verb (used with object), col·o·nized, col·o·niz·ing.
verb (used without object), col·o·nized, col·o·niz·ing.
Origin of colonize
Related Words for colonizationfounding, clearing, immigration, expansion, migration, settlement, establishment, settling, peopling, pioneering
Examples from the Web for colonization
Contemporary Examples of colonization
Historians have their own theories, involving trade and colonization, but this sounds more likely.Russian History Is on Our Side: Putin Will Surely Screw Himself
P. J. O’Rourke
May 11, 2014
Behind the Iron Curtain, Manea had the opportunity to observe this colonization of sorts at close quarters.Norman Manea Survived the Nazis and the Communists and Lived to Write About It
April 8, 2014
So white Americans came up with an alternative: colonization.
By the 1830s, it became clear that colonization was not a viable solution.
Zionism was not about colonization; it was about repatriation.Despite Hebron's Importance, Israel Will Have to Give It Up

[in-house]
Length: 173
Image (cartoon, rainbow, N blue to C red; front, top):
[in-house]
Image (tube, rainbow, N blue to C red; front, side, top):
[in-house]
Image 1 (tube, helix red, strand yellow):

October 28, 2013
Historical Examples of colonization
And yet there is nothing which tends more to the improvement of mankind than legislation and colonization.
Let us then endeavour to follow this principle in colonization and legislation.
There is nothing, however, which perfects men's virtue more than legislation and colonization.
That in brief is the history of one type of German colonization in the Tsardom.England and Germany
Emile Joseph Dillon
Space does not permit us to describe this movement of colonization.The Frontier in American History
Frederick Jackson Turner
1766, noun of action from colonize.
1620s, "to settle with colonists," from stem of Latin colonus "tiller of the soil, farmer" (see colony); in sense "to make another place into a national dependency" without regard for settlement there by 1790s (e.g. in reference to French activity in Egypt or British work in India), and probably directly from colony.
No principle ought ever to be tolerated or acted upon, that does not proceed on the basis of India being considered as the temporary residence of a great British Establishment, for the good government of the country, upon steady and uniform principles, and of a large British factory, for the beneficial management of its trade, upon rules applicable to the state and manners of the country. [Henry Dundas, Chairman of the East-India Company, letter, April 2, 1800]
Related: Colonized; colonizing.